1972 saw Kiama Council and a local Holden dealer donate a ‘Smith’ boat to their local club and it was operated by Garry Rodgers and Murray McMillan.
Initially most of these craft were labelled experimental but that did not stop them from doing patrols and successfully doing many rescues.
1972 also saw Warrilla Barrack Point purchase a ‘Mutimer’. John Woods was involved.
1973 Thirroul Surf Club ran training classes in rescue and recovery. Bob Green and Dan Mcgroder of Cronulla, Albert Moseley – Malabar, Noel Daniels – Shelley Beach, Ron Fields – Central Coast, Laurie March – Newcastle, Alan Miles – Nambucca, Reg Eggleton and Phil Harvey – Freshwater, were in the initial training group.
Photos of several towing vehicles and what was needed to pull the jet boats, compared with the little trailer for duckies which could be man handled. (Figures 9 and 10).
9: Jack Wilson and towing vehicle
10: Kiama and towing vehicle
Thirroul and towing vehcile
One day at Freshwater the jet boat rescued 22 people in 5 minutes when a sand bar washed away. The crowd on the beach sat and stared in amazement. In the crowd was a solicitor from Manly, Jim Florance. When he found out that the group had to raise their own finances, he donated $5,000 on the spot for a new power boat. Arising from this, the ‘Jack Wilson II’ was sold to The Entrance Surf Club on the Central coast. Thereby started boat operations in that area. Arising out of this ‘Jack Wilson III’ was built.
In the first instance, it was decided that life jackets should be worn whilst operating power craft as they were in surf rowing boats, but in the case of the IRB, when the driver fell out of the craft, the transverse thrust would push the IRB into left hand circles and when the craft came near to the operator in the water he could not duck out of the way.
This caused some injuries so the wearing of a jacket was left up to the operator.
Next problem was injuries being caused by the IRB propeller. Several people were injured at Manly Beach and also at Bondi, they were used to just swimming up to the surf boats and they caught their hands etc. in the propellers.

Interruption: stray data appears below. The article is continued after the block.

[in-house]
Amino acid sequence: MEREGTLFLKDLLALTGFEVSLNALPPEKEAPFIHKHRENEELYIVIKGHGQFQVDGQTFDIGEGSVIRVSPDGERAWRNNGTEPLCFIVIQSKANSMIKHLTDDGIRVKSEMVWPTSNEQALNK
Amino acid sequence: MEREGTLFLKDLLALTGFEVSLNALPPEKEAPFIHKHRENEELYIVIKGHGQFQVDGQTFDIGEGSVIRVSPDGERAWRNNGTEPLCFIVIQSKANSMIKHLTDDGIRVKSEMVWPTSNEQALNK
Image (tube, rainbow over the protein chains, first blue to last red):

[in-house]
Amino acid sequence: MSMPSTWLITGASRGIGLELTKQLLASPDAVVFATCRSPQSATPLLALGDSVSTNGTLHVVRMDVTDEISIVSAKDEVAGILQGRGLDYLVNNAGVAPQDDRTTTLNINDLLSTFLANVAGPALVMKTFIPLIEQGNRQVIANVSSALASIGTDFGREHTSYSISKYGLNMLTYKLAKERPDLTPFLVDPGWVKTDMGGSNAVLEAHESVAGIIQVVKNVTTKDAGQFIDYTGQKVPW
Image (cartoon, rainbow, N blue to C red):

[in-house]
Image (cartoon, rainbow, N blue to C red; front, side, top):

Rod Lanker of the ‘Wilson’ group made a propeller guard from ¼” mild steel just like a cage but this took too much performance from the craft (figure 11). So experiments with various ideas took place until 1975, the United Permanent Building Society donated $7,000 to NSW State Centre for the development of a safe propeller guard. This enabled us to go to professional engineers and have them design one. They first made one with protection at the front and back, but the performance loss was too much, so only the front was used successfully. Six of these were made and given to the various clubs for testing. figure 12. The testing was done between two moored buoys and timed with various loads of up to 5 people.
11: Propeller guard
12: One of the earlier United prop guards
United Permanent Propeller Guard Presentations (left to right): Buster Brown (State Centre), Col Laughlin (Thirroul), M. Morgan (Whale Beach), Michael Coleman (Nambucca Heads), John Fallon (Soldiers Beach), Ernie Stephens (Wanda).
1974 IRB’s were introduced to the South Coast Branches.
1975 Jet boats were commenced in the Nambucca area by Kevin Morrison and Alan Miles, albeit a borrowed ‘Smith’ boat.
1976, Col Laughlin took over as ‘Power Craft Adviser; to New South Wales. He realised that clubs needed help with their I.R.B’s. They were inexperienced in driving, roll over procedures, and engine maintenance. If nothing was done after a roll over, within a week the motor would be seized up and unable to be repaired. He formed a power craft panel to run an education programme so that clubs could be taught to solve their own problems. He built a purposeful trailer to carry spare parts and equipment especially for outboard motors. The panel was available to the eleven branches, with each being visited twice a year. Club members could pull their own motors down under supervision, and reassemble them with replacement parts on the spot. The panel consisted of four to six members, each visit according to the number of club members to be trained. The panel consisted of Col. Laughlin, Brian Wilson, Jan Cartright, Mike Sawalski, Greg Danvers, Ray McNeil, Barry Rafferty, Bob Cox, Graham Howard, Andrew May, Cliff Spong, Tom Laws and John Fallon. With 118 surf clubs you could see why it too seven years to complete. What a task!